Georgia: Svaneti Gold Prospectors Seek the Monster Nugget
His nickname is Mackenna – after the Gregory Peck character, Sheriff Mackenna, who, in the 1969 film “Mackenna’s Gold,” dedicated his life to pursuing a hopeless dream of striking it rich. The remote, hardscrabble Georgian mountain region of Svaneti is where 65-year-old Rezo “Mackenna” Gurchiani does his gold prospecting. His passion is fueled by Greek legends rather than by Apache Indian tales. And he must contend with ice-cold water and deep snow, instead of the dry heat of the American southwest.
The local addiction to gold prospecting in Svaneti is connected to the Inguri River. To Svans, this mighty, 213-kilometer-long river, which courses through western Georgia and into the breakaway territory of Abkhazia, is a liquid gold highway. Many Svans, in fact, believe that the Inguri hydropower station’s dam, the world’s highest arch dam, was built under Soviet rule to accumulate all the gold that flows with the river.
Georgian geologists dispute that claim, but the facts make little difference to prospectors like Gurchiani, who has panned for gold since he was 15. Each day during the winter months, this Svan version of Mackenna ventures down a slippery, frozen canyon trail to the banks of the roaring Inguri in order to try his luck.
From January to March, the waters of the Inguri are low enough to let prospectors pan for gold. Using shovels and his bare hands, Gurchiani, with three apprentices, starts by building a dam. The process, often carried out in sub-freezing temperatures, takes more than two weeks. “You wheelbarrow ten shovels of gravel to pour there, and each time the river washes seven of them away,” explained Gurchiani.
When the makeshift dam is finished, shovels to scoop up soil and frying pans to separate the particles come into play. Gurchiani says it takes up to a week to process a ten-by-ten-meter area.
A Soviet-era sampling suggests that there could be a worthwhile concentration of gold in this part of the river, but don’t expect wary prospectors to reveal any details outsiders. Shota Adamia, a geologist at Tbilisi State University, said that if a ton of soil yields around 1 gram [of gold] then the area is generally considered to be viable for processing on industrial level. In Svaneti, he added, some areas that have been tested were found to have up to 3-4 grams of gold per ton.
Svan gold prospectors claim they can expect to extract about 30-40 grams of gold over the course of the three-month prospecting season. That translates into income of about $1,000 to $1,500. But it’s not the $40-per-gram price of gold that keeps these men standing in icy waters all day. The price, they say, is not worth their efforts.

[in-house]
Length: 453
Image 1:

“Even now I can make double as much money by working as a driver than by gold panning,” commented 52-year-old prospector Rezo Paliani. “But gold panning has become like a sport to me. It’s as exciting as hunting or fishing.”
Svans have panned for gold for centuries, though no one knows for sure when and how it started. Some believe that ancient Greeks brought the tradition to Svaneti. The kingdom of Colchis, which supplied mythical Greek hero Jason with his golden fleece, is believed to have been located in today’s western Georgia, within range of the Inguri’s gold-giving waters.
Svan gold prospectors know that what the mountains give, the mountains can take away. Paliani recalls a sudden avalanche, which descended with “a strange roar, like a plane engine,” flooding the river and washing away his tools and extracted gold. Prospectors themselves are sometimes washed away as well.
Such risks only discourage the younger generation of Svans, who see little reason to freeze in a river for a gram of gold per day. “Young Svans are lazy nowadays,” scoffed Gurchiani. “I tell them ‘Come with me and I’ll teach you,‘ but they just prefer sit at home, even when they are jobless.”
The tradition of panning for gold in Svaneti relies mostly on the enthusiasm of older Svans like Gurchiani or Paliani. “I got carried away and can't stop,” Gurchiani said.
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